Pentagon Launches New Future Weapons Research Effort
By Kris Osborn Monday, December 8th, 2014 3:35 pm
Posted in Policy
The Pentagon is starting a massive research and development effort aimed at finding and developing next-generation technologies able to ensure the U.S. military retains its technological edge.
Described as an effort to create a new technological offset strategy like that which the U.S. pursued in the 1950s and 1980s, the Long Range Research and Development Plan, or LRRDP, involves a solicitation to industry, academia, and small business to begin enterprising ideas on areas of focus for new weapons and technology research and development.
“The nature of future military competition suggests we cannot take our future military dominance for granted. We need to continue disruptive innovation and be sure that we have that differential advantage in the future,” Stephen Welby, Deputy Assistant Secretary of Defense for Systems Engineering, told reporters Dec. 3.
The research effort it part of the Pentagon’s recently announced Defense Innovation Initiative designed to preserve U.S. military technological superiority.
Welby, Pentagon acquisition chief Frank Kendall and other senior Pentagon officials have often emphasized that the pace of global technological change is such that the U.S. can no longer be assured of the technological superiority it has experienced in recent decades.
What this means is that technologies such as precision-guided munitions, unmanned systems, sensors, long-range weaponry such as anti-ship guided missiles, large naval platforms and stealth fighter aircraft are increasingly being developed by rival nations and potential adversaries around the world. The U.S. no longer enjoys as large of a technological margin of difference when compared with other countries and non-state actors today.
As a result, the research will be sure to explore technologies for countering anti-satellite rockets, precision guided munitions and low-observable or stealth technology in the hands of potential adversaries, among other things.
The new plan, which resulted in the release of a formal request for information to industry Dec. 3, is intended to identify breakthrough technologies for the future. The idea, Welby explained, is to discover new technologies, build and test prototypes and help establish new systems and platforms giving the U.S. a continued strategic edge.
The idea is to learn enough about areas of focused research in order to inform the Pentagon’s 2017 budget submission, Welby added.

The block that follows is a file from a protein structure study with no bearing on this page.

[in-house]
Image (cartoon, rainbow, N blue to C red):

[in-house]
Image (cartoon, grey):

The LRRDP effort breaks up concentrated technology research and innovation into five working groups; they are space, undersea, air dominance and strike, air and missile defense and a technology-driven group geared toward identifying and integrating promising commercial technologies.
Welby compared the current effort to two successful technological offset strategies in recent decades where focus research preceded military technological progress and strategic global advantage for the U.S. He referred to President Eisenhower’s “New Look” national security policy in the 1950s which placed military assets in Europe as a counter to the Soviet threat during the early years of the Cold War.
A second offset strategy took place in the 1980s following a focused research and planning effort in the late 70s. This research led to the development of many of the technologies still used today’s by U.S. military such as precision-guided munitions, intelligence, surveillance and reconnaissance platforms and fighter jets like the F/A-18.
“We’ve had a good 40 years run on those capabilities but both the Secretary (Hagel) and Mr. Kendall have been very active in talking about how our technology in the future may be challenged. Adversaries have had 40-years to study way we fight and build responses and global trends are making technologies more available,” Welby said.
While Welby was clear to say the effort was not geared toward a particular adversary, he did say the initiative was focused on near-peer competitors, leaving one to assume he meant Russia and China, among others.
“We’re largely focused on the future of near peer competition. Our real goal is to identify concepts that will shape future investments,” Welby said.
The LRRDP effort plans to work closely with the individual services and the Pentagon’s research arm, the Defense Advanced Research Projects Agency.
Follow the discussion
Dfens · 14 hours ago
And if you come up with any really good ideas for R&D topics, DARPA will provide you a financial incentive to drag out the development of that idea for as long as possible, especially if you work for one of the few large defense contractors.
It’s too bad DARPA doesn’t get off their dead asses and hire some smart people to do the kind of basic research the government did years ago that allowed our defense industry to be second to none. For example, the Air Force Research Labs designed the X-1 through X-15 series of airplanes that pioneered flight in the supersonic realm. They then provided the information gained from these airplanes to all of industry so they could follow up with the F-100 generation of fighter jets. Back in those days we were the undisputed technology leaders in military aircraft.
2 replies · active 11 hours ago
blight_weroasdfl · 14 hours ago
I wonder when SpaceX will bid for weapons programs. The system could use a shakeup.